“This article first appeared in the April 30 issue of the Progress Times.”
When the City of Mission released butterflies during their National Crime Victims’ Rights ceremony last week, they broke their own city ordinance.
Mission, which is home to the Texas Butterfly Festival and the National Butterfly Center, signed Ordinance 4158 into law in 2014. The ordinance states “It shall be unlawful for any person(s) within the city limits of the City of Mission to knowingly or intentionally release commercially or farm-raised butterflies into the environment on public or private property.” The butterfly release also happened to land on Earth Day.
The National Butterfly Center’s Marianna Treviño Wright explained that when commercially or farm-raised butterflies are released into the wild, it is an act of ecocide — a human act that is detrimental to the environment. Butterflies bred in captivity are raised in artificial conditions, and when they are released outside their farms, they could spread disease and potentially breed with healthy butterflies. Infecting healthy butterflies can have a widespread effect on the ecosystem because humans rely on them to help pollinate plant life.
“No, there’s no ethical way to capture any wild animal for human use in a ceremony like this,” the National Butterfly Center executive director said. “Especially when they are shipped in a suspended state, basically in a deep freeze, so that they can be then thawed out and released in a foreign environment.”
The types of butterflies released at the victims’ rights ceremony were painted ladies. Painted ladies are cold-blooded insects that require sunny conditions and at least 70-degree weather, in addition to access to nectar and host plants. In an article from The Monitor, it was reported that some of the butterflies did not fly away once they were released from their envelopes. Wright explained that this is because they likely hadn’t completely thawed out from their deep freeze.
“There is no inspection, testing or regulation of this industry. In fact, where there is regulation concerning them, which is by the USDA, the guidelines are not enforced because there’s no one to enforce them,” Wright said. “USDA has one man who works with this issue and he doesn’t go out to butterfly breeders and inspects or tests. He doesn’t do anything to ensure that they’re not shipping butterflies to the wrong place at the wrong time of year where they’re basically getting a death sentence.”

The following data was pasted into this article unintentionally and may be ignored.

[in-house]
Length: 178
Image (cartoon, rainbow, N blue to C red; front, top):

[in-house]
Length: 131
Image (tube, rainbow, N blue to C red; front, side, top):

The executive director of 10 years stated that the February Winter Storm Yuri also had negative effects on insects in the area, causing them to freeze and die. It might take years for the population to rebound but there is no guarantee. Releasing the farm-raised butterflies into the environment only caused additional risk to the ecosystem. But Wright said there is no way to know for sure how the released butterflies will impact the area, and there is no remedying the situation at this point.
“The damage is already done,” she said. “Unless those butterflies were tagged and monitored and observed, but they’re not. They’re not sent out with bands like…researchers put on birds to track them and study them. With these butterflies, we have no way of knowing specifically if this event caused wider damage.”
Mission city officials could not be reached for questioning but their media relations department gave a statement regarding ordinance violation.
“While the City of Mission did possess a valid USDA permit, and did not break any state laws regarding the butterfly release, there is a city ordinance in place prohibiting their release,” the statement said. “The event was intended to honor and commemorate crime victims, and we are currently reviewing our internal procedures regarding events like this, in an effort to be more consistent across all departments when it comes to city ordinances.”
Wright said she is thankful the city has upheld Ordinance 4158 until now but wants assurance the lapse won’t happen again. She wants them to do better, she said.
“When you drive around Mission, what is the emblem that you see on the water towers, the statues you see on the street corners — it’s the butterfly. They have decided to embrace and to economically benefit from butterflies, their beauty and their abundance,” Wright said. “There is nothing else that happens in the city of Mission that brings visitors from far and wide like the [butterfly] festival…so it should never be far from any elected officials’ thoughts, not when they’re looking at our tax base and ecotourism, at marketing, at community goodwill.”